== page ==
On Wednesday, Mark wrote of Ted Kennedy:
If he had known that the administration didn't intend to fund the No Child Left Behind legislation, he might not have lent his support in 2001...It took him a while, as it did most liberals, to appreciate that there were no real opportunities in the Bush years, that steadfast opposition was the only honorable position.
On education, how harshly should we judge Kennedy's cooperation on NCLB? The legislation was underfunded. It allowed states to make up their own academic standards, and dumb them down in order to avoid being labeled as "failing." It subjected American children to more frequent high-stakes math and reading testing, thus narrowing the curriculum away from creative writing, science experiments, art, and music. And it totally failed to deliver on its promise to deliver a highly-qualified teacher to every student's classroom.
NCLB needs to be rethought. But what everyone agrees almost eight years later is that its passage was crucial in one key regard: For the first time, it required states to disaggregate student achievement data by race, class, and English language learner status, allowing us to understand the true breadth of the achievement gap. The race and class-consciousness behind that move may have been more difficult for a Democrat to push through Congress, and perhaps Kennedy understood that.
NCLB's reauthorization has been delayed over and over again since 2007, in part because of intra-Democratic Party debates over the role of teacher evaluation and student testing, and in part because of the prioritization of other issues, such as health care. Early last year, Kennedy wrote in the Washington Post that he supported the reauthorization of NCLB if it could be fully funded, and he introduced the SUCCESS Act. The bill was intended to make NCLB more effective by providing extra dollars to states willing to work together to create higher, internationally bench marked education standards and student assessments. From the Senate floor, Kennedy said:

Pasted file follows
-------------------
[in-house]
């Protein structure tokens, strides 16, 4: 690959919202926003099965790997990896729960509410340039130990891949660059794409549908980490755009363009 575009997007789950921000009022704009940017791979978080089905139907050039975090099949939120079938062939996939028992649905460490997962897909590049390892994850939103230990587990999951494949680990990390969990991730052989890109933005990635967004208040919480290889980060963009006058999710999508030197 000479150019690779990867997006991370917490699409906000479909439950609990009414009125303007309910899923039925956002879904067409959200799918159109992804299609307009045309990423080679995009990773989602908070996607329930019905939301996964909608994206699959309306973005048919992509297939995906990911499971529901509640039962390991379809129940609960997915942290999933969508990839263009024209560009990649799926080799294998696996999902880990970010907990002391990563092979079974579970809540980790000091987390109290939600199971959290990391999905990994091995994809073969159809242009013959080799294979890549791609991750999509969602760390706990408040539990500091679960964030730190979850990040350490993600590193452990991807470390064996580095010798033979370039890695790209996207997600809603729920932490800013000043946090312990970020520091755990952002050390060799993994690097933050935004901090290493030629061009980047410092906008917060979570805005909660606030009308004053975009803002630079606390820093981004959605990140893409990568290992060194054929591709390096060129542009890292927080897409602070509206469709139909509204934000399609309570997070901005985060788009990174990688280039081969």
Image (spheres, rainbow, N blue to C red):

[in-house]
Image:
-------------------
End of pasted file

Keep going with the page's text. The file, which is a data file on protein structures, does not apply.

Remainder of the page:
Experience shows that each year yields greater success when policymakers and educators commit in the long term to higher standards, better teacher training, stronger accountability, and extra help for students in need. The initial implementation of the No Child Left Behind Act has been flawed, but we can’t abandon its vision of an America in which every child is important and deserves to be educated and enjoy the full benefits of our society.
That vision is as enduring as America itself. As John Adams wrote in the Massachusetts Constitution of 1780, the education of the people is “necessary for the preservation of their rights and liberty.” More than two hundred years later, we need to recapture that spirit, and make “No Child Left Behind” a reality, not merely a slogan.
This is the vision behind the Obama administration's education policy, and also behind a new movement, led by the National Governor's Association, to create national standards. Almost every state has signed-on. Whether that effort yields broad, intellectually rigorous standards -- without over-relying on standardized testing -- remains to be seen. Like health reform, education reform is an incomplete part of Kennedy's legacy.